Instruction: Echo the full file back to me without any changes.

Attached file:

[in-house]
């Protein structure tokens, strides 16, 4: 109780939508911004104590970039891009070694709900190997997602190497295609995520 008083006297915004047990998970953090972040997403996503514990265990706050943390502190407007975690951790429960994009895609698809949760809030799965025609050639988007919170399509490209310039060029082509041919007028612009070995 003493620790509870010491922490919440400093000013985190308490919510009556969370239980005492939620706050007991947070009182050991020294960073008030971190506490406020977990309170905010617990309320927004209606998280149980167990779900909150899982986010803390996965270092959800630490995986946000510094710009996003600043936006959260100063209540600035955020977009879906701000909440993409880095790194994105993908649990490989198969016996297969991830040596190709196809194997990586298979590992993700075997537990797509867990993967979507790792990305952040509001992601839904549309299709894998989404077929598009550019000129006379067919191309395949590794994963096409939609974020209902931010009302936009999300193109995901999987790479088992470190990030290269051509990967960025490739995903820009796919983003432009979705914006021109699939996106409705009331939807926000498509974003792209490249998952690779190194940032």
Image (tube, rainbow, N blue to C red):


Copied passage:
[in-house]
């Protein structure tokens, strides 16, 4: 109780939508911004104590970039891009070694709900190997997602190497295609995520 008083006297915004047990998970953090972040997403996503514990265990706050943390502190407007975690951790429960994009895609698809949760809030799965025609050639988007919170399509490209310039060029082509041919007028612009070995 003493620790509870010491922490919440400093000013985190308490919510009556969370239980005492939620706050007991947070009182050991020294960073008030971190506490406020977990309170905010617990309320927004209606998280149980167990779900909150899982986010803390996965270092959800630490995986946000510094710009996003600043936006959260100063209540600035955020977009879906701000909440993409880095790194994105993908649990490989198969016996297969991830040596190709196809194997990586298979590992993700075997537990797509867990993967979507790792990305952040509001992601839904549309299709894998989404077929598009550019000129006379067919191309395949590794994963096409939609974020209902931010009302936009999300193109995901999987790479088992470190990030290269051509990967960025490739995903820009796919983003432009979705914006021109699939996106409705009331939807926000498509974003792209490249998952690779190194940032």
Image (tube, rainbow, N blue to C red):